Writers-in-Residence Excerpts of Work

Fabio & Friends


Fabio loves Fifi. Fifi is a snowy poodle, three years old, precocious
and sure of her centrality in Fabio’s affections. They promenade
together six days a week, weather permitting. Fifi shrinks from rain and
Fabio is sensitive to this. Intemperate weather, though inhibiting, does
not preclude joint activity. They play catch and run with the French
doors open between kitchen and lounge. On these days lunch is taken
indoors: pate, cheese and pickles for him, chicken poached in milk, cut
into manageable chunks for her. They share a bottle of still water,
Evian, by choice.

Once weekly on Wednesdays Maria comes to clean the apartment and attend
to Fifi’s toilet. The problem here is the mutual dislike that threatens
the relationship between dog and minder, which surfaces in snaps and
slaps that have occasionally degenerated into nastiness. Maria’s tactic
of withholding food long past the regular hour has ameliorated the
situation to a state of tense stand-off. “Some day I’ll drown the little
bitch”, Maria promises herself. For the present she remains trapped by
obligation and need.

Fabio’s Wednesday at the club consists of morning coffee and croissants,
pre-lunch bowling for an hour, small bets on the side. Paul, Jerry and
Stefan are superannuated lawyers like himself. They have that in common
with their distaste for blood-sucking ex-wives and the judicial system
that formerly served them well. Lunch is a healthy buffet: salads,
yoghurts, smoked fish and fruit purees. They drink too much but that is
a small price to pay for the emancipation of tongues. The harmony of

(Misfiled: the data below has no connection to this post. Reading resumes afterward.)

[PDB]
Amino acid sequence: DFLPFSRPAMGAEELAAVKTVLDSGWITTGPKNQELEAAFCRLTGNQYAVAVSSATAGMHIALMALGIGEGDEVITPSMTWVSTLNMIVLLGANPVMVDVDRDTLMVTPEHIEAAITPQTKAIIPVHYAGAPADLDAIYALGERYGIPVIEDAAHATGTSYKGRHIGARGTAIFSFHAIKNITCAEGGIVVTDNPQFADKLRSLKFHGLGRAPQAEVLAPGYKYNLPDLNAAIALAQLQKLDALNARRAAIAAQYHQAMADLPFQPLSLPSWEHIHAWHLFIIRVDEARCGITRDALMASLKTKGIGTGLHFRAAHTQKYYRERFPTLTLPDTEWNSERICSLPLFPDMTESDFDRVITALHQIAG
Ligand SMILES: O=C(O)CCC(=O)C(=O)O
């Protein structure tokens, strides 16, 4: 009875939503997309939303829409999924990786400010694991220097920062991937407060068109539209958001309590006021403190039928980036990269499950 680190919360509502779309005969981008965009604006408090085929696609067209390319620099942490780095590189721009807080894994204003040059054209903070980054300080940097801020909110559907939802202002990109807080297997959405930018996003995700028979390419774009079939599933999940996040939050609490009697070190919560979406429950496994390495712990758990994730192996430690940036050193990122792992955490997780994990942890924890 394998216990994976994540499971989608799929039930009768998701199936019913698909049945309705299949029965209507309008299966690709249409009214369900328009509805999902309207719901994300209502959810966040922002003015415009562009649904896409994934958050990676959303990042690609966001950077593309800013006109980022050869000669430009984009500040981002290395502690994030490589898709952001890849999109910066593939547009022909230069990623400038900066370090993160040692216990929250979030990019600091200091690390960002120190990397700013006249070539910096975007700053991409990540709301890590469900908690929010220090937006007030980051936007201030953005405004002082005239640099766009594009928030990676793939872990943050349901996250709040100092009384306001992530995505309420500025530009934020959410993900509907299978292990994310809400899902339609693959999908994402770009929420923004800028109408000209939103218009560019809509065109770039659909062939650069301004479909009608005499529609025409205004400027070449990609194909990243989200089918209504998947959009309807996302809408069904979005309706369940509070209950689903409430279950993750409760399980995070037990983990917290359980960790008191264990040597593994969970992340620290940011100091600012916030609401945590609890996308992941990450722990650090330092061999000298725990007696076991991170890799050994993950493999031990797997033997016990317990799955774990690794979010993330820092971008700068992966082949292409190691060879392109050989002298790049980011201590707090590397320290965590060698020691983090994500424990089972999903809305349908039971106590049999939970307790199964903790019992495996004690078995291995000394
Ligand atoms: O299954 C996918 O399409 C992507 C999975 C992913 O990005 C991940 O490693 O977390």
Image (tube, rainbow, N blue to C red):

their views surprises them all. Jerry nods off after the first cognac;
happy for him he does not have to endure the calumnies of the others.
Paul has a son in a corporation, computers or finance, in Brussels, last
time he heard. Stefan and Fabio feel the closeness of superiority over
the other two – Jerry’s a lightweight, can’t hold his liquor and Paul,
poor Paul, forever cloaking his son’s abandonment with bluster about the
lad’s genius. They don’t have to put words to their self-assurance in
order to feel uplifted by it.

Paul and Jerry leave together to catch the bus before traffic builds up.
Stefan and Fabio share a cab. Their apartment buildings adjoin in a
secure park complex by the river. When Fabio alights, Stefan instructs
the driver to head back towards the poorer part of town, near the
harbour. A woman, who lives there, expects him on Wednesday afternoons.
Fabio has never given any indication that he is aware of his friend’s

He’s hardly in the door when Fifi leaps into his arms, while a
disgruntled Maria stands aside, awaiting payment. “Fifi, dear, dear
doggy, how can I ever leave you?” Every Wednesday the same gooey
sentiments. This time he feels he means it. He is so overcome with the
beauty of the poodle that he has difficulty suppressing tearful
emotions. The proximity of tears rouses Maria to expression of her own,
a mini-niagara that is beyond her capacity to bear. She sinks to the
floor like a wet sack. Fifi sees her opportunity, pounces on the
defenceless woman, nipping her extremities with sharp teeth. Maria, by
nature and circumstance, a fighter, recovers from initial shock and with
a feral howl hurls herself at the animal. All her accumulated rage
empowers her. By the time Fabio succeeds in pulling her off, Fifi is in
a state of nervous collapse from which she or her master will never

Gerry Galvin
Moycullen, Co. Galway, Ireland

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